Corals that are better than average at survival, growth and resisting bleaching stress can pass these advantages on to their offspring. Photo: Andrew Baird.
Original Published Date: 
Thursday, September 9, 2021

Full article issued by the ARC Centre of Excellence for Coral Reef Studies.

New ARC-supported research suggests that corals may be able to cope with climate change in the coming decades better than previously thought – but will still struggle with ever-faster rates of climate change.

Researcher Kevin Bairos-Novak is a PhD candidate at the ARC Centre of Excellence for Coral Reef Studies at James Cook University (Coral CoE at JCU). He said the rate at which corals can adapt to climate change depends on what is passed down from their parents.

'We looked at all previous coral studies examining what is called ‘heritability’ and this allowed us to look at how parent corals’ survival under environmental stress is likely to be passed down, through genes, to their offspring,' Mr Bairos-Novak says.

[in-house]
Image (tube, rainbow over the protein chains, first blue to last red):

'We found their ability to pass on adaptive traits is maintained despite increasing temperatures. In particular, corals that are better than average at survival, growth and resisting bleaching stress under future ocean conditions should be good at passing those advantages on to their offspring.'

However, while the study is good news, the researchers warn that making the most of this capacity for adaptation will require reducing the current rate of global warming.

Photo credit: 

Corals that are better than average at survival, growth and resisting bleaching stress can pass these advantages on to their offspring. Photo: Andrew Baird.